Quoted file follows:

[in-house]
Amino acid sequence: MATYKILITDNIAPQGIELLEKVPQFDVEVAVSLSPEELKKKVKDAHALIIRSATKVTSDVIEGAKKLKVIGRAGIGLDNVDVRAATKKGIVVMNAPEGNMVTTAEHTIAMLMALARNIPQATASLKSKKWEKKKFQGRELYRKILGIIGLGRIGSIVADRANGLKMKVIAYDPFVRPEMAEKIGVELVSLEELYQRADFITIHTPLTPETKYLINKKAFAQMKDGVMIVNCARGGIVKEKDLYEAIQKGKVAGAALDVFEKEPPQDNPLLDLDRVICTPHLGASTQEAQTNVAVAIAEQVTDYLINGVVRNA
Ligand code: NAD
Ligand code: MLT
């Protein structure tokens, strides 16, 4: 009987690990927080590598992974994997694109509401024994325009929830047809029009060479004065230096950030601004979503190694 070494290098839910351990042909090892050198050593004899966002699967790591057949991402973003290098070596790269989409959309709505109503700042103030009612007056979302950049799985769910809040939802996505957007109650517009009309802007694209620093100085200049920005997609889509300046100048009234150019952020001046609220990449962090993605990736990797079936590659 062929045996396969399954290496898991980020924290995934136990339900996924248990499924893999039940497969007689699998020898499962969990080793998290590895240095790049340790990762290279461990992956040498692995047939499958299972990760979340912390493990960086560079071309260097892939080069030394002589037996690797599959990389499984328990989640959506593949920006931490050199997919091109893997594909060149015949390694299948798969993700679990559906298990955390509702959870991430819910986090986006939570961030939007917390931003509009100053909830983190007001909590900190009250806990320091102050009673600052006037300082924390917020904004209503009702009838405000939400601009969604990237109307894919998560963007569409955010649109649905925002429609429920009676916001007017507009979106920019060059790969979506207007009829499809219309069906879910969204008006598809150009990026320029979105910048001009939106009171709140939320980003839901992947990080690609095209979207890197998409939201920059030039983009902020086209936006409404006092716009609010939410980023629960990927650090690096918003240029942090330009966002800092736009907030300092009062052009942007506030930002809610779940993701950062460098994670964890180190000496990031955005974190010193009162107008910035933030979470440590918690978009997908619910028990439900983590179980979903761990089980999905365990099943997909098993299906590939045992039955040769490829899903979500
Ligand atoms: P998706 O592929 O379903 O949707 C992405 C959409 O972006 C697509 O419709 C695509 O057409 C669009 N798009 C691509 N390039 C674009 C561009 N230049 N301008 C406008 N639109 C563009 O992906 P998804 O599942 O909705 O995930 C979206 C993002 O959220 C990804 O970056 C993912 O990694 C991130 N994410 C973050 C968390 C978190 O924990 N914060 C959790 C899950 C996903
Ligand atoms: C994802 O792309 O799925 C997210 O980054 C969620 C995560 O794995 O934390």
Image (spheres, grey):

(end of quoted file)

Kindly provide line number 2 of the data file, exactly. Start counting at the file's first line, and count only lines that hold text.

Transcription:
Amino acid sequence: MATYKILITDNIAPQGIELLEKVPQFDVEVAVSLSPEELKKKVKDAHALIIRSATKVTSDVIEGAKKLKVIGRAGIGLDNVDVRAATKKGIVVMNAPEGNMVTTAEHTIAMLMALARNIPQATASLKSKKWEKKKFQGRELYRKILGIIGLGRIGSIVADRANGLKMKVIAYDPFVRPEMAEKIGVELVSLEELYQRADFITIHTPLTPETKYLINKKAFAQMKDGVMIVNCARGGIVKEKDLYEAIQKGKVAGAALDVFEKEPPQDNPLLDLDRVICTPHLGASTQEAQTNVAVAIAEQVTDYLINGVVRNA